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WHO: 850,690 Nigerians at risk of mercury poisoning



WHO: 850,690 Nigerians at risk of mercury poisoning
  • Niger, Osun, Zamfara, Kaduna, Katsina, 7 other states affected


The World Health Organisation (WHO) has raised the alarm that 850,690 persons in 12 states in Nigeria have been exposed to mercury poisoning, as a result of Artisanal and Small-Scale Gold Mining (ASGM) activities. The National Consultant, Public Health and Environment of WHO, Dr. Edwin Edeh, who made this known at a one-day health sensitization programme to flag-off field assessments of ASGM activities in the country, noted that ASGM was the main source of the largest release of mercury emissions around the world, and a key source of income generation. The assessment would be used by the country to develop a National Action Plan (NAP), which clearly identifies public health implications of the mining activities in gold mining communities and the country at large, as well as develop strategies for actions needed to reduce the public health impact. According to Edeh, the affected states are: Niger, Osun, Zamfara, Kebbi, Katsina, Kaduna, Kwara, Borno, Jigawa, Yobe and the Federal Capital Territory.

“In Nigeria, not less than 850,690 people are at risk of mercury poisoning. Mercury, which is widely used to extract gold in ASGM, is a lethal chemical,” he said. Mr. Fatai Olarenwaju from the Federal Ministry of Health (FMOH) explained that one important component of the NAP would be to empower local communities for action.

“There is a need to sensitize mining communities in order to increase their awareness and enable them to take local action on minimizing the effects of mercury on human health,” he said. WHO Officer in Charge (OiC), Dr. Clement Peter, disclosed that in addition to the assessment in two states, the organisation was supporting the FMOH to build capacities of health workers on management of mercury poisoning and on environmental health activities that need to be periodically carried out to monitor and reduce health risks of ASGM. “WHO will continue in its role to provide technical guidance to Nigeria on safe management of chemicals of public health importance and strengthening the capacity of FMOH in the implementation of the provisions of Minimata Conventions on Mercury,” Peter said. Khadija Balama, one of the women in Niger State, complained that the water in the community was contaminated with strange substances. “We’ve noticed the water has some strange particles and we have reported to the authorities.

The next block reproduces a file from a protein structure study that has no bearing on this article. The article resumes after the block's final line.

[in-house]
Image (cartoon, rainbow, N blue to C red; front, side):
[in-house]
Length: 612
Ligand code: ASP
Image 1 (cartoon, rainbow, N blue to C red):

“The taste of our water has drastically changed, the colour seems darker and the texture is thicker than usual. We are scared that this water can cause diseases and affect our livestock if care is not taken,” she said. The WHO experts explained that the particles described by the women to be in the water were residues of mercury, popularly used in mining activities in Shiroro Local Government Area – a very popular ASGM town in Niger State. According to them, exposure to mercury poses great danger to human health, including toxic effects on the nervous, digestive and immune systems, including sensitive organs such as the lungs, kidneys, skin and eyes and may pose serious health threats to unborn babies and children under the age of five.

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